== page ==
Watching the Olympics, the notion of risk is very clear. Athletes need to push it to the limit in order get to that top spot on the podium. But to obtain the advantage, they risk missing a gate, catching an edge or taking an untimely penalty. They may risk injury or even death, as we found out tragically on Feb. 12. And, when they are going all-out for gold, they may jeopardize a trip to the medal ceremonies for a chance to win.
Like elite athletes, investors need to take chances to succeed. Risk is the fuel that drives long-term returns. But as opposed to the clarity of sport, it's a more muddled concept when it comes to investing. Consider the following three examples where there is often confusion around the risks.
Appropriately, the first is gold. Is the shiny metal a high- or low-risk investment? Well, it depends.
As a stand-alone holding, gold is extremely risky. There is no income stream that flows from it, and no promise of one. The buyer is speculating that the price will go up over time.
Of course, gold bugs don't see it that way. In their view, it's ordained that gold will rise. But an analysis of its price history, supply-and-demand fundamentals, and role in government reserves would suggest that price appreciation is far from assured.
As a part of a diversified portfolio, however, gold can reduce risk. In the past, its returns have had a low correlation to other asset classes, so it has the potential to smooth out a portfolio's overall performance. And if it's bought at the right price, it can also enhance returns.
Exchange-traded funds are often viewed as being lower-risk investments because of their broad array of holdings. But lower risk versus what? When compared with the indexes the funds are replicating, there is little chance that investors will be surprised. The return they see in the headlines is what they'll get in their portfolios (minus fees and commissions).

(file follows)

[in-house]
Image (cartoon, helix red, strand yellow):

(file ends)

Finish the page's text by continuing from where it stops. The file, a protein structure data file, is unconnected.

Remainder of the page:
But in terms of absolute return - the kind that pays the bills - index-based ETFs are generally more volatile than actively managed funds. That's because a majority of ETFs are market-capitalization based, which means the largest stocks make up the biggest proportion of the fund. The higher a stock goes, the more money that's allocated to it. This "momentum" style of investing tends to ride higher in good times and fall further in tough times.
For investors with a long time horizon, there is nothing wrong with sharper zigs and zags, but they need to be prepared for them.
The third instance where the notion of risk gets confusing is with regard to asset mix.
It is generally considered less risky to have money parked in a bank account, invested in guaranteed investment certificates (GICs) or stuffed in a mattress. Compared with the stock market roller coaster, it's much safer.
In the very short term, that is the case, but when the objective is to increase capital and protect against inflation over a number of years, the mattress strategy is as high risk as you can get. To help replace a paycheque after retirement, investors need their portfolios to generate a return well in excess of inflation. To do that, they have to commit to owning long-term assets because, over time, bonds will beat cash and stocks will beat bonds.
Investors who held bonds and stocks over the last 25 years have benefited from the decline in interest rates and have seen their capital grow. They are affected by low current yields, but not as much as long-term GIC investors, who didn't use the bull run in bonds and stocks to build up their capital.
What we need to remember is that any definition of risk depends on what the objectives and time frame are. When short-term security is important, stocks and real estate are inappropriate. But for long-term investors, owning secure savings vehicles is the risky strategy.
Before I go back to the unambiguously safe vocation of watching the Olympics and taking in the party, I should highlight a risk that applies across all situations. It is one that, if not heeded, will guarantee that investors fail to achieve their goals. It's the risk of paying too much. No matter what the goals and strategies, it's important to pay a fair (or preferably better-than-fair) price for growth, income or a good mattress.
Tom Bradley is president of Steadyhand Investment Funds Inc.email@example.com